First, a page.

A surge in Thanksgiving demand is taxing Delta Air Lines' pandemic-era workforce. The carrier was forced to cancel hundreds of flights this week, according to its pilot union and the airline.
Delta (DAL) ultimately canceled nearly one in every five flights it was scheduled to operate on Thanksgiving Day, and has dropped in total more than 500 flights this week, even as air travel has been picking up in the last few weeks. The airline said it expects its system to return to normal over the weekend.
The Air Line Pilots Association, the union that represents Delta pilots, said staffing reductions due to the coronavirus pandemic and the drop-off in travel "have left a smaller pool of pilots qualified and ready to fly in the fleets that are seeing an increased demand over this holiday."
Delta said Wednesday that a "number of factors have pressured our ability to timely staff some of our scheduled holiday flights" but did not specify the issues.
After distributing the November employee schedules last month, Delta added flights to its schedule and asked for volunteers to cover those flights, according to a source familiar with the situation. But when there were not enough employees to cover those legs, the airline was forced to cancel some of them.
The airline declined to comment on that explanation. The Delta Master Executive Council at the Air Line Pilots Association said its pilots have stepped up to take on extra flights over the holiday period and receive the incentive of premium pay for picking up extra legs.
But when demand surged this week, the heavy cuts to the aviation system due to the coronavirus began to show.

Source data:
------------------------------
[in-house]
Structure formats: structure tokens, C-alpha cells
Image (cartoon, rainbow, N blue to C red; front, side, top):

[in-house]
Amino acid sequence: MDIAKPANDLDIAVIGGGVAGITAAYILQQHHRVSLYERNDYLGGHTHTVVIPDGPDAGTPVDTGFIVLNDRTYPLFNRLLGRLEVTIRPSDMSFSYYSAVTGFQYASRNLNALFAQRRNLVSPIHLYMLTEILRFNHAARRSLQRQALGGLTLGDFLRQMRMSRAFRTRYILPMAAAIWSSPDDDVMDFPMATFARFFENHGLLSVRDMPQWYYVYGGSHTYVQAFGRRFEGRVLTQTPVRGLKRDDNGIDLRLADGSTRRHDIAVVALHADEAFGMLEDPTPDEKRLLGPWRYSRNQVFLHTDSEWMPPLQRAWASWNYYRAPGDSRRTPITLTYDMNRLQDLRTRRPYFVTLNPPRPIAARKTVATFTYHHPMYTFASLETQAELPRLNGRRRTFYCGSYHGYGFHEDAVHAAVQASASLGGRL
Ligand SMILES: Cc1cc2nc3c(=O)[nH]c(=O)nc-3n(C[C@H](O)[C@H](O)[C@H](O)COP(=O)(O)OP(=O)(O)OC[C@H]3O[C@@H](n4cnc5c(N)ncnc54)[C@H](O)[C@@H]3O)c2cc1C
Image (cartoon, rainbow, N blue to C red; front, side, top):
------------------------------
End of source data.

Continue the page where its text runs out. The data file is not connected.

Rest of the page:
Airline passenger traffic is currently only about 40% of what it was last year, according to data from the Transportation Security Administration, and US airlines are running 43% fewer flights.
Delta and other US airlines responded to the drop in demand by cutting employee ranks. Work schedules were reduced, 1,800 pilots retired early, and others were placed on inactive status or are in line for training because the model of planes they flew were retired.
More stimulus sought for airlines
Employee unions and executives at the major US airlines have called for a multi-billion extension of a payroll support program that kept their employees on the job through September. Legislation to do that includes other stimulus and has stalled in Washington.
The airlines have seen a relative surge in bookings this week as distanced families reunite for Thanksgiving dinner and college students are booted from university housing. More than one million people have crossed through TSA checkpoints only four times since the spring -- and three of those days were in the last week.
Travelers are also booking closer to their departure dates, airlines have said, giving the companies less visibility when arranging schedules more than a month in advance.
In a statement, the union said the scheduling issue cannot be attributed to crews calling out sick because of the coronavirus.
"While we have recently seen an uptick in COIVD cases with our pilots over the last few weeks concurrent with the nationwide increases, cancellation numbers would not suggest that COVID issues are the cause in this case," Chris Riggins, a Delta first officer and ALPA spokesman, said in the union statement. "It's also important to note that sick calls are down over last year despite being embroiled in a global pandemic."
By: Gregory Wallace and Pete Muntean